Winner: Ferenc Szisz - Renault AK 90CV

Winner: Ferenc Szisz – Renault AK 90CV

The time each car set on the first day determined the time they set off on the second day, hence Szisz’s time meant he started at 5:45am, followed by Clément at 6:11am, and Nazzaro at 6:26am. This method ensured that positions on the road directly reflected the race standings. A horse, which had been trained before the race to the loud noises, towed each competitor out of parc fermé to the start line. As neither driver nor mechanic could work on their car until they had been given the signal to start the day’s running, Szisz and Clément began by heading directly to the pit lane to change tyres and service their cars. Clément completed his stop more quickly than Szisz, and Nazzaro did not stop at all, and so Clément closed his time gap to Szisz and Nazzaro closed on Clément.

Szisz and his mechanic changed two tyres, filled water, petrol and oil tanks, adjusted his lubricator(?) and tightened half a dozen nuts, in ten minutes. Nazzaro’s haste resulted in a stalled engine and when his mechanic had restarted it Nazzaro didn’t give him time to get back on board. The poor man clung to the bonnet for several miles before being allowed to regain his seat…

Szisz’s Renault suffered a broken rear suspension on the tenth lap, but his lead was so great he could afford to drive cautiously with the damage. He took the black flag of the winner [sic] after a total time of 12:12:07; he had also been fastest on the straight at 154 kph. He finished 32 mins ahead of Nazzaro, who was 3 mins ahead of Clément.

Amazingly there were only six accidents, and just one injury, but everyone suffered burns and eye problems. After three years Renault had slowly disappeared from GP racing, until returning in 1977. And Szisz’s grave, just outside Paris, is maintained by the ACF and Renault.

The Grand Prix name (“Great Prize”) referred to the prize of 45,000 French francs to the race winner, equivalent then to 13kg of gold.

Until the First World War it was the only annual race to be called a Grand Prix (often, the Grand Prix), and is commonly known as “the first Grand Prix”.

Ferenc Victory Postcard

Ferenc Victory Postcard

Postcards celebrating Ferenc’s victory were produced in France. Ferenc sent this one to family in Hungary
Meanwhile, on this day in 2002, Ferrari was fined $1 million for breaking podium protocol at the Austrian Grand Prix earlier in the year after Rubens Barrichello had moved over to allow Michael Schumacher to win. But on the podium Schumacher pushed his reluctant team-mate onto the top step in an attempt to appease the booing crowd. Rather than slapping a fine on the team for disgracing F1 (team orders were legal at the time), the FIA could only penalise Ferrari for its antics on the podium.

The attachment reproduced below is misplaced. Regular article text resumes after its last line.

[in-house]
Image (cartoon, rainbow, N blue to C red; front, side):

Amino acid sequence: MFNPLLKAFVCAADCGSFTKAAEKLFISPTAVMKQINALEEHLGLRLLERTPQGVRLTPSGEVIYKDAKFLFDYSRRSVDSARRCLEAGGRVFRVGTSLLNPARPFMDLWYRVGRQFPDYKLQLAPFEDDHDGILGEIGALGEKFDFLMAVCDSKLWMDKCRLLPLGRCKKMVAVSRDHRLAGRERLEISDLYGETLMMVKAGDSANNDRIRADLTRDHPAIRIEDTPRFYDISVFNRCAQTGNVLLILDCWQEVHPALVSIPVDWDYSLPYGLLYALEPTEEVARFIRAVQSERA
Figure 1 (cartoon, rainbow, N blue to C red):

And… on this day in 2005, Max Mosley all but ignored calls for his resignation after the disastrous US Grand Prix in which only six cars took part due to safety concerns over Michelin tyres. Minardi boss Paul Stoddart, whose team was one of the three that took part, said Mosley should stand down after rumours emerged that a resolution to the tyre problem was vetoed by a single team and the FIA just hours before the start of the race. Sir Jackie Stewart also called for Mosely to resign, but the FIA president responded: “My predecessor [Jean-Marie Balestre], had a conflict like this [in the FIA versus FOCA war] – and I was on the other side with the teams – we used to ask him to resign on an hourly basis. He never took any notice. The fact is that the referee is often unpopular, it’s something you can’t avoid.” adding: “I’m not here to try to be friends with the teams, I’m here to see that Formula One is run safely and fairly and that the rules are observed and it’s the same for everyone.

14 responses to “On This Day in F1: 26 June

  1. OK, not 1906 but the Google is informing me today is also Antoni Gaudi’s 161st birthday.

    Great series, keep them coming.

    PS I may have to borrow some of the “Le Petit Parisenne” attitude for my characters, it seems to fit right in with today’s hyper enttitled class of owners.

    • Thanks… I was hoping someone would work that out for me…
      But I’m unable to determine who would have put up such a prize, especially as this race came about as a reaction to the Gordon Bennett races.

  2. 2 guys in a vehicle, driving over rough roads, long distances, having to do wheel changes and repairs themselves, and all done in timed stages over a number of days…..isnt that what we call rallying now?

  3. Lots of crazy stats…
    6 x 103km!
    18-liter 4 cylinder!
    49 deg Celsius!
    I thought the story was a wind-up…

  4. When teams shared equipment and regulations helped the racing. The fundamental rules apply even today, F1 should remember its roots and honour the past rather than trying to reinvent the wheel. Great snapshot blackjack, thanks
    Oh..remember this little interview from Paul, one thing that he never did was pull his punches